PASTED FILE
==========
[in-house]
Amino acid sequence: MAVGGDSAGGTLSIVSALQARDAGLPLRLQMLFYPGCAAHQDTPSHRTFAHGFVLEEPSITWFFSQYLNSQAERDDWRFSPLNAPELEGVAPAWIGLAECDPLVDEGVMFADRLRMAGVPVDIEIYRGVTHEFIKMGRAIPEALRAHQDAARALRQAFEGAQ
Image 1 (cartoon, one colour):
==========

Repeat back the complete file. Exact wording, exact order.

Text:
[in-house]
Amino acid sequence: MAVGGDSAGGTLSIVSALQARDAGLPLRLQMLFYPGCAAHQDTPSHRTFAHGFVLEEPSITWFFSQYLNSQAERDDWRFSPLNAPELEGVAPAWIGLAECDPLVDEGVMFADRLRMAGVPVDIEIYRGVTHEFIKMGRAIPEALRAHQDAARALRQAFEGAQ
Image 1 (cartoon, one colour):